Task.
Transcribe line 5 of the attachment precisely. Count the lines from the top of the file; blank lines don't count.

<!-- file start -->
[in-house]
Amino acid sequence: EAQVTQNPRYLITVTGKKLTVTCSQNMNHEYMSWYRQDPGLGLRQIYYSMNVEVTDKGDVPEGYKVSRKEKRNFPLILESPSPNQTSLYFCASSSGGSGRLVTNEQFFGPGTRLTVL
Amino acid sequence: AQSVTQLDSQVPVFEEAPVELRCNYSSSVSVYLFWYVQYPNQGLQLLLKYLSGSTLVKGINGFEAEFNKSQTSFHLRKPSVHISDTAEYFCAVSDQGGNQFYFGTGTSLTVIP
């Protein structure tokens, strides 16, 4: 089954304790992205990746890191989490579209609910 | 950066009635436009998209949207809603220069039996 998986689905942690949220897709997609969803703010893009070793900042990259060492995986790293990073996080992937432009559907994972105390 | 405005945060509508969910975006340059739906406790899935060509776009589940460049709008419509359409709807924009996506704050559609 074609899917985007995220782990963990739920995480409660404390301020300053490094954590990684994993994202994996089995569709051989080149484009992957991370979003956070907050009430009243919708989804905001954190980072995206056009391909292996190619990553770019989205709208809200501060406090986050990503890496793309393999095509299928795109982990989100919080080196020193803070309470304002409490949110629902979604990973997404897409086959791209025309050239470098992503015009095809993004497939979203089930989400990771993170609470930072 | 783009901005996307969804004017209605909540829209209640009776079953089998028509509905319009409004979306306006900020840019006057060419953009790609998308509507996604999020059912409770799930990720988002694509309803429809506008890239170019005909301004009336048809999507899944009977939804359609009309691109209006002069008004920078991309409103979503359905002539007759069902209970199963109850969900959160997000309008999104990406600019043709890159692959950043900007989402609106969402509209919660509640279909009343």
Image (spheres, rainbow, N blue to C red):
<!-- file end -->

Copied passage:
Image (spheres, rainbow, N blue to C red):